Then they screwed her. If she’d been endowed like a man, she would have been sought after by the top firms, and the clerkship she applied for would have been a no brainer. She didn’t complain. Not our RBG. She stayed the course. She had to wait a long, long time before she got on the road leading to the Supreme Court of the United States.

She had a great love. Marty. A successful marriage. A love of Opera. Children. Grandchildren. She cooked Passover Seder herself. She loved movies. And, she was funny.

Her humor was often laced with verbal brilliance. Here’s an anecdote from her granddaughter, Clara Spera, as quoted on glamour.com in 2018: “Once, though, I had to email her about her opinion in a voting rights case, Evenwel v. Abbott, because I thought the strong language in her analysis did not match up with the eventual, more reserved, holding. I was frustrated that she seemed to be holding back. I won’t reveal her response here, except to report that she told me, ‘I once spoke to you about not being queen when one writes for the Court.’”

Mostly, though, I will never forget the on-screen reenactment of her closing arguments in front of the Supreme Court during Moritz v. Commissioner of Internal Revenue. I wonder if she could have seen herself on that bench with nine white men who looked and acted nothing like her. I hope you will watch it, even if you have seen it before.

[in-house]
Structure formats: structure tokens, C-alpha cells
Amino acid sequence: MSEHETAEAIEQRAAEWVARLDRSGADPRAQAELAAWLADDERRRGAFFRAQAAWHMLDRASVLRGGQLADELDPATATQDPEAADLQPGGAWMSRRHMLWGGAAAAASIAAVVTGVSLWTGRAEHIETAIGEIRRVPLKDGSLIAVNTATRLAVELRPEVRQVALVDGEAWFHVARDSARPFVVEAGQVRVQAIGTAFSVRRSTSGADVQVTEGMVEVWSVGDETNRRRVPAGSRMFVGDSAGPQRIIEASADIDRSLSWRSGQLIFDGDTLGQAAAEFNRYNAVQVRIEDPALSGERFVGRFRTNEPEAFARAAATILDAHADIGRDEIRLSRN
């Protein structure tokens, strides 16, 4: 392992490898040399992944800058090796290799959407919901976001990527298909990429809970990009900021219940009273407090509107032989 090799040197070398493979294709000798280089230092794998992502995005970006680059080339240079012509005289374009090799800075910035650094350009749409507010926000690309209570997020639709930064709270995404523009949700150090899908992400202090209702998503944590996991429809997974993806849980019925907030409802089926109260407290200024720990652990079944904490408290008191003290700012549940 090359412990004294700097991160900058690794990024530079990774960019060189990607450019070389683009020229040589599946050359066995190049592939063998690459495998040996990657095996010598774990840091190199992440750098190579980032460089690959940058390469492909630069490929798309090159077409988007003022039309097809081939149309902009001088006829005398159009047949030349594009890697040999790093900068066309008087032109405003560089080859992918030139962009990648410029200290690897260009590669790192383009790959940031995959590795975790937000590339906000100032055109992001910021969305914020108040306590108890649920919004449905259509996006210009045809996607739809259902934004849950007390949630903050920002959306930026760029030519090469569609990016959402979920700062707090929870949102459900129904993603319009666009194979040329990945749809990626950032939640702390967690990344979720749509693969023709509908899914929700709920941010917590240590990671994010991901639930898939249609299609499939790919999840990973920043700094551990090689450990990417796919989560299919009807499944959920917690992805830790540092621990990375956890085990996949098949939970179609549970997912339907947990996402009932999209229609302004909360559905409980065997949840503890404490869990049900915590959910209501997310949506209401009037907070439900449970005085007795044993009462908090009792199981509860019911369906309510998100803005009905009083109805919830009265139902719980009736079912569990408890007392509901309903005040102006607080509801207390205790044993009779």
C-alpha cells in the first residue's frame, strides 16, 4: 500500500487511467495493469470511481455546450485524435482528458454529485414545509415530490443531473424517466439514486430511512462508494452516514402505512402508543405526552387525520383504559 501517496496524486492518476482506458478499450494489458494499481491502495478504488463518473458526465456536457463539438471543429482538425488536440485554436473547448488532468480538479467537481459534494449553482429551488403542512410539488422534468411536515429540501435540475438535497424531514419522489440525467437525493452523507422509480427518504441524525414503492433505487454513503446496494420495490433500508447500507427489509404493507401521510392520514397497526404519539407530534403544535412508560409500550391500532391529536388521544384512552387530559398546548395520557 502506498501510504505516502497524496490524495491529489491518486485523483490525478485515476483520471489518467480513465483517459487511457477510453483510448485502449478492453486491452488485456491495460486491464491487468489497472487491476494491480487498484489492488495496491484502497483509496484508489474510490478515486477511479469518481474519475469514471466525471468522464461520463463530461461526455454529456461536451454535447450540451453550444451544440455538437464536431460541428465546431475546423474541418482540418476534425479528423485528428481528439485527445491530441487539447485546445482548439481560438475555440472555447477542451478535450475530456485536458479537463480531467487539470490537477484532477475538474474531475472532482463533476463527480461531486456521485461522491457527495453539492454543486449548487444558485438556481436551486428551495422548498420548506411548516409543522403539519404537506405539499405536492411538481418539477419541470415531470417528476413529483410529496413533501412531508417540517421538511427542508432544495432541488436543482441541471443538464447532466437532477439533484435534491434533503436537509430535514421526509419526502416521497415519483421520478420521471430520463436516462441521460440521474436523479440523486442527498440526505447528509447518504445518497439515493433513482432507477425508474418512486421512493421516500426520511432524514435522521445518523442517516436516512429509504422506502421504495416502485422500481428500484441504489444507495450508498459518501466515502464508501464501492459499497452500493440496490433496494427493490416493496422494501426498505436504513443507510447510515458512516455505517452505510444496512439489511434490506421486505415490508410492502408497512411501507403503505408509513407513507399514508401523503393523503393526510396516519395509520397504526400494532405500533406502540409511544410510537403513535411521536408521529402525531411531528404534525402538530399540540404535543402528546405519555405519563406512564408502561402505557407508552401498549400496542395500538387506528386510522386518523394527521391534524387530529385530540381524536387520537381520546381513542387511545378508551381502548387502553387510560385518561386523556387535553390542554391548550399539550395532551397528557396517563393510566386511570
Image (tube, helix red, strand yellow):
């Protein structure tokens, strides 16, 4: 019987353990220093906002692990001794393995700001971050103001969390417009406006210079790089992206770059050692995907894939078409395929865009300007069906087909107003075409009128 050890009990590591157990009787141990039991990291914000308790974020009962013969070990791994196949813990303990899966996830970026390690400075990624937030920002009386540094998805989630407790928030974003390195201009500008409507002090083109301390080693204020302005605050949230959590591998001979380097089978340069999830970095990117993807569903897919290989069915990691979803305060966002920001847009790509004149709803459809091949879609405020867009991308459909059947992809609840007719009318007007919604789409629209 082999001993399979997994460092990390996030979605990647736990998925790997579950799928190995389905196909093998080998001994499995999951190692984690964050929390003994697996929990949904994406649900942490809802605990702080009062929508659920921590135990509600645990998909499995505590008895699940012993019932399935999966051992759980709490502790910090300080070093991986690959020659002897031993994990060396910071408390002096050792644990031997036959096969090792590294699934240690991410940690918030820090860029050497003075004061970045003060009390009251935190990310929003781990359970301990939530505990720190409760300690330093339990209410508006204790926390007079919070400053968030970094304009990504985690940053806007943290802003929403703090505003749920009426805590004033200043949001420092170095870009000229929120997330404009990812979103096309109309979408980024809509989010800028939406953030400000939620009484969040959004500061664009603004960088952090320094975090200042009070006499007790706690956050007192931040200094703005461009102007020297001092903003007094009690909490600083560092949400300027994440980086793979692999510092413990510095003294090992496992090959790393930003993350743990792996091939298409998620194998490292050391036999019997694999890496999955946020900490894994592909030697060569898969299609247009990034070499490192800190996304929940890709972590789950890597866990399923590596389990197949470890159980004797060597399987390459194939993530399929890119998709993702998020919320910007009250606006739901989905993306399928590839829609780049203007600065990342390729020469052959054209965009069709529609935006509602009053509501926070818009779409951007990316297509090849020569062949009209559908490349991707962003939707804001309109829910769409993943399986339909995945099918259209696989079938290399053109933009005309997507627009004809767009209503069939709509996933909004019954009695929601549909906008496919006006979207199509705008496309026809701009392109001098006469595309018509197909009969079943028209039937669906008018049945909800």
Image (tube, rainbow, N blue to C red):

You see, as women, we haven’t had the opportunity to lead in a game where gender has no role. Eleanor Roosevelt was beloved, but she got her leg up from being the wife of a beloved president. Our road to greatness in this country has never been a direct line based on our own attributes. Women in other countries have managed to accomplish quite a bit without a male connection. Golda Meir comes to mind. But in this country, white men seem to have center stage, and our access to that stage has mostly been walking next to them, not in front of them.

So my beloved Ruth Bader Ginsburg, who I never saw in person (how could I have let that happen?), is now gone. Her white-lace-collared robes, which showed humor, femininity, and a bit of FU, have shown me the way. Her total commitment to excellence, incredible time-management skills, and brilliant mind made her our hero. She gave us (women) the map, if you will, to staying the course and committing to not giving up, no matter how far on the horizon.